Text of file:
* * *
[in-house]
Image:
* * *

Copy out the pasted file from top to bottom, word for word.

[in-house]
Image: